For a number of decades, graphic artist. Norman Rockwell, sent forth a large quantity of illustrations which seemed— to most Americans and most non-Americans— to capture the essence of the Republic. This was a portrayal (to a great extent emanating from the widely-read periodical, The Saturday Evening Post) involving richly observed vignettes of a population of down-to-earth and buoyant folks.
His was a muse fervently rooted in the sense of a loving extended family as the essence of efficacy. The subject here, a college boy home for the Christmas break, extends its coverage to the priority of know-how in order to thrive materially and thus anchor the gratifications of the American adventure in its pronouncedly domesticated form.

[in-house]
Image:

Reverence and gusto for material and emotional bounty.
A cover for Popular Science; and the subject, “Perpetual Motion,” helps cast light upon a wider, more recent context of the American Dream, one that introduces factors more compelling than wimpy fantasizing.
Those evocative powers do, I think, very much speak to “perpetual motion.” And in that, Rockwell’s paeans to middling common sense subscribe, in their own very cautious ways, to the WOW factors of this century’s very different America and world.